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  1. #181
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    Lightsaber duelling is an officially recognized competitive sport

    In France, the Force is strong with lightsaber dueling
    By JOHN LEICESTER
    February 18, 2019


    In this Sunday, Feb. 10, 2019, photo, competitors battle during a national lightsaber tournament in Beaumont-sur-Oise, north of Paris. In France, it is easier than ever now to act out "Star Wars" fantasies. The fencing federation has officially recognized lightsaber dueling as a competitive sport. (AP Photo/Christophe Ena)

    BEAUMONT-SUR-OISE, France (AP) — Master Yoda, dust off his French, he must.

    It’s now easier than ever in France to act out “Star Wars” fantasies, because its fencing federation has borrowed from a galaxy far, far away and officially recognized lightsaber dueling as a competitive sport, granting the iconic weapon from George Lucas’ saga the same status as the foil, epee and sabre, the traditional blades used at the Olympics.

    Of course, the LED-lit, rigid polycarbonate lightsaber replicas can’t slice a Sith lord in half. But they look and, with the more expensive sabers equipped with a chip in their hilt that emits a throaty electric rumble, even sound remarkably like the silver screen blades that Yoda and other characters wield in the blockbuster movies .

    Plenty realistic, at least, for duelists to work up an impressive sweat slashing, feinting and stabbing in organized, 3-minute bouts. The physicality of lightsaber combat is part of why the French Fencing Federation threw its support behind the sport and is now equipping fencing clubs with lightsabers and training would-be lightsaber instructors. Like virtuous Jedi knights, the French federation sees itself as combatting a Dark Side: The sedentary habits of 21st-century life that are sickening ever-growing numbers of adults and kids .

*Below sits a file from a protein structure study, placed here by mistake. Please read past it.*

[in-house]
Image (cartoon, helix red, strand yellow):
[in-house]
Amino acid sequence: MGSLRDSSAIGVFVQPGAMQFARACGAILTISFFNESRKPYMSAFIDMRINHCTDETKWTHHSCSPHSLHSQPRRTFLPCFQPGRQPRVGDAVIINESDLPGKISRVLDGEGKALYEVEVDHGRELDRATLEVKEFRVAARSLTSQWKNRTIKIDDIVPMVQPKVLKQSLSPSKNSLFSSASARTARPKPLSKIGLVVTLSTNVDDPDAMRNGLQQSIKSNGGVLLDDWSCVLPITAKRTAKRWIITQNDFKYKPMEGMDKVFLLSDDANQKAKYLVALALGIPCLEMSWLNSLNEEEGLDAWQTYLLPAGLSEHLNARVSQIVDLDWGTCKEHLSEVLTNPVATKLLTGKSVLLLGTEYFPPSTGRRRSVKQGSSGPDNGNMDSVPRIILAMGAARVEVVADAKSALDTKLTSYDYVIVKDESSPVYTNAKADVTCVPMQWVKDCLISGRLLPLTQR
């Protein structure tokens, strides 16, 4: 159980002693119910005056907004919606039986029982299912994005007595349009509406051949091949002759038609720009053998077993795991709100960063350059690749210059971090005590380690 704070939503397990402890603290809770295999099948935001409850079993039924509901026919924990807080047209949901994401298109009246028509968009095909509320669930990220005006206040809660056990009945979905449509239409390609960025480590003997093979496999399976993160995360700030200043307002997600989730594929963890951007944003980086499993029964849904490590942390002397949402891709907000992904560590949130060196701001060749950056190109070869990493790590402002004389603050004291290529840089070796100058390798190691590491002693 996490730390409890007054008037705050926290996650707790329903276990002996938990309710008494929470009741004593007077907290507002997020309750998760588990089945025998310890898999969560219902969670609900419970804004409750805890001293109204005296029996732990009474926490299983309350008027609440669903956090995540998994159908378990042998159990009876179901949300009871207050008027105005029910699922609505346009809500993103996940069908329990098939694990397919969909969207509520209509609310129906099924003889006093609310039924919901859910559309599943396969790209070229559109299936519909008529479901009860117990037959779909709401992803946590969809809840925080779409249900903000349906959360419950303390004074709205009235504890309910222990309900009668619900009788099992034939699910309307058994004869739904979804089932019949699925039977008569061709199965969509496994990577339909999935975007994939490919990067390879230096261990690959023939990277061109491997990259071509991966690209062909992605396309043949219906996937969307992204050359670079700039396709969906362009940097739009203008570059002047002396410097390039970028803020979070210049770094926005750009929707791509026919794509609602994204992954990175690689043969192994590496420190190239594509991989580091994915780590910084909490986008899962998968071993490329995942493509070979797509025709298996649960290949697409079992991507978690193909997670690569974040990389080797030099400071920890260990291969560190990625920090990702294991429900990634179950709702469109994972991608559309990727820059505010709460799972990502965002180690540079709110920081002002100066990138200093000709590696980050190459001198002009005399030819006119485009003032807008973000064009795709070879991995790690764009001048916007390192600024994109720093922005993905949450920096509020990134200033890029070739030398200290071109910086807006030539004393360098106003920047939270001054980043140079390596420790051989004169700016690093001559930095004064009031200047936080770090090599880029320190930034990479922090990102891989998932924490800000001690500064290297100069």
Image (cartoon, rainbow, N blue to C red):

“With young people today, it’s a real public health issue. They don’t do any sport and only exercise with their thumbs,” says Serge Aubailly, the federation secretary general. “It’s becoming difficult to (persuade them to) do a sport that has no connection with getting out of the sofa and playing with one’s thumbs. That is why we are trying to create a bond between our discipline and modern technologies, so participating in a sport feels natural.”

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    Lightsaber dueling: Some basic rules.

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    VIDEO: How-to guide to lightsaber dueling.
    In the past, the likes of Zorro, Robin Hood and The Three Musketeers helped lure new practitioners to fencing. Now, joining and even supplanting them are Luke Skywalker , Obi-Wan Kenobi and Darth Vader.

    “Cape and sword movies have always had a big impact on our federation and its growth,” Aubailly says. ”Lightsaber films have the same impact . Young people want to give it a try.”

    And the young at heart.

    Police officer Philippe Bondi, 49, practiced fencing for 20 years before switching to lightsaber. When a club started offering classes in Metz, the town in eastern France where he is stationed for the gendarmerie, Bondi says he was immediately drawn by the prospect of living out the love he’s had for the “Star Wars” universe since he saw the first film at age 7, on its release in 1977 .

    He fights in the same wire-mesh face mask he used for fencing. He spent about 350 euros ($400) on his protective body armor (sturdy gloves, chest, shoulder and shin pads) and on his federation-approved lightsaber, opting for luminous green “because it’s the Jedi colors, and Yoda is my master.”